Sidney Ponson - Sir Sidney (he’s a knight in his native Aruba) was mostly just a maddeningly inconsistent pitcher for the bulk of his Orioles tenure. In 2003 he put together his best season and was traded to San Francisco for an underwhelming package that included Damian Moss and Kurt Ainsworth. He was brought back the next year and instead of being a talented enigma, he was just a fat enigma who couldn’t find a uniform that fit. He outdid himself at the end of his O’s tenure. Sir Sid got drunk and punched a judge in Aruba, picked up his second DUI and had an ERA over 5. Tired of his act, the Orioles simply fired him. Terminating his contract without buying him out.

Victor Zambrano - Zambrano will forever go down as the man the Mets traded Scott Kazmir for but he also helped contribute to a nightmarish August and September for the 2007 Orioles.
Just to refresh the memories, the 2007 O’s were having a surprising season led by the pitching of Erik Bedard and Jeremy Guthrie. However, by mid-August, Bedard and Guthrie were out with injuries (this was around the time of the infamous 30-3 game against Texas) and the O’s pitching staff was in desperate need of bodies. Enter Zambrano. Things go from bad to worse, including a game where the O’s gave up 11 runs in an inning against Tampa Bay. Zambrano was gone by the end of yet another season in 4th place.

Daniel Cabrera - Sir Sidney without the DUIs. D-Cab was the sort of guy that could throw a one-hitter at Yankee Stadium or walk the ballpark and be gone by the second inning. Not having him around this year will save a good many heart palpitations for O’s fans.

Jay Gibbons/David Segui/Jason Grimsley - Three of the most prominent members of the Orioles steroid era.

Segui was right up there with Cordova and Belle as terrible free agent signings. Not even HGH, which he admitting to using, could help Segui stay healthy, which says a lot about a guy’s propensity for getting hurt considering HGH is meant to help you RECOVER from injuries.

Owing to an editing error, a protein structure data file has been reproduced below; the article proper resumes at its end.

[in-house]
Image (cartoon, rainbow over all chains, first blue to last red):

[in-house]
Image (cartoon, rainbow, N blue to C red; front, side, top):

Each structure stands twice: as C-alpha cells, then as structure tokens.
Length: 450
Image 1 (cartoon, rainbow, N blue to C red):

Grimsley might go down as one of the most disastrous trades in O’s history. He was bad on the field but he did even more damage off the field as he outed Miguel Tejada, Gibbons, Brian Roberts and Segui when he was busted for distributing HGH.

Gibbons had two rather productive years of 20+ homers and 100 RBIs. But his glass slipper soon turned into a pumpkin, and he morphed into a complete liability at the plate before getting suspended for steroids and being released.

Bonus picks:
Trenidad Hubbard - Hubbard is maybe the most fitting symbol of Orioles trade futility (up until the Tejada and Bedard trades).
In 2000, with the O’s languishing in 4th place again, GM Syd Thrift was tasked with getting an aging roster younger. So he held what became known as “The Great Fire Sale of 2000.” Gone were veterans like Harold Baines, Charles Johnson and Will Clark. The most heart-wrenching trade was that of B.J. Surhoff, a popular and productive player who cried at the press conference where it was announced he had been traded to Atlanta.
And what did the O’s get in return? Hubbard, a guy who was neither young (he was 34 at the time) nor much good and he was promptly gone by the end of the season.

Larry Bigbie - Another symbol, this time for bad O’s drafting. Even steroids couldn’t help Bigbie, who was a first-round pick who never panned out. He then made things worse by ratting out Brian Roberts and ‘Stumblin’ Jack Cust, among others. Thanks for the memories Larry.

No comments:

Post a Comment